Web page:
The Morrel kids, now thriving and happy, have made a little shrine of the purse and diamond from The Sinbad the Sailor Incident.
"- oh, you make us happy by giving us an excuse for expatiating on the subject. If we wanted to conceal the noble action this purse commemorates, we could not expose it to view. Oh, would we could relate it everywhere and to everyone, so that the emotion of our unknown benefactor might reveal his presence."

"Ah, really," said Monte Cristo in a half-stifled voice.

Honestly, I love the unknown benefactor stuff so much more than the Wheels of Revenge business. It may just be that the wheels aren't properly in place yet? But it's not really just that.

We also hear a little more from Haidee, Dantes' Greek "slave"/slave?/mistress?/ward? who even knows. It's a little on the dodgy side, whatever it is:

"Youth is a flower of which love is the fruit; happy is he who, after having watched its silent growth, is permitted to gather and call it his own."

Ew. But Haidee, it turns out, has a score of her own to settle, so we'll see where this goes.

Maximilien and Valentine are adorable. I hope Dantes' "revenge" is going to include helping them run off together in defiance of M. de Villefort's wishes, and not traumatizing them with M. de Villefort's gruesome death and/or descent into madness. Please be kind to the adorable young people, Dantes! I hope his meeting with the Morrels is what it seems, evidence that there's still a light dusting of cinnamon in the dark whorls of his heart.

osprey_archer thinks she's spotted a potential Runaway Lesbian in the cast, and I agree.

I began Balthazar what seems like ages ago now, and vaguely recall being surprised by how much I liked it, but we'll save Lawrence Durrell for next time.

What I Plan to Read Next

Probably Anthony Powell. Other books, eventually. Posting may be delayed.


( 4 comments — Leave a comment )
Nov. 13th, 2016 06:23 pm (UTC)

Ew. But Haidee, it turns out, has a score of her own to settle, so we'll see where this goes.

And, as I said, there's a possible relationship of the type you don't much like. ;-p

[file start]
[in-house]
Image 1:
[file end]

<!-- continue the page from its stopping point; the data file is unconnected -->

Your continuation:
I can't remember enough specific details to say anything about Villefort or who got stabbed (was he stabbed but not fatally). All I can say is that everybody is connected in some way, that's certain.

Beyond that, sitting on my SPOILERS probably just gets harder. :-D

Nov. 13th, 2016 07:58 pm (UTC)
Nov. 13th, 2016 10:56 pm (UTC)
a light dusting of cinnamon in the dark whorls of his heart.

Yesss, I love this description of Dantes. As much as he hates to show it, I think there is some cinnamon left! He's a classic would-be cynical antihero with a heart of gold.

I love the Morrel kids and their little shrine. I bet they show it to everyone who comes into the house as soon as they can without seeming awkward, JUST IN CASE it is their mysterious benefactor come in disguise to see if they've lived up to his benefaction.

Did Dantes know that Haidee just happened to have a score of her own to settle against the very same people upon whom he must avenge himself? Or was Dumas just totally chill with introducing one more fantastic coincidence? Presumably we'll get more detail about how he found her and that will clear the mystery up.

And YES, I am 95% certain that Eugenie is going to turn Runaway Lesbian at any moment. Perhaps she will use the turmoil caused by Valentine and Maximilien's potential elopement to cover her own escape? Although old Granpere Noirtier would have to die before Valentine would ever leave him, so I think we may not have much movement on that front for a while...
Nov. 14th, 2016 09:23 pm (UTC)
Dumas can be very annoying with introducing plot elements with explanations yet forthcoming. Well, most plots are, but his are excessive!
( 4 comments — Leave a comment )


blase ev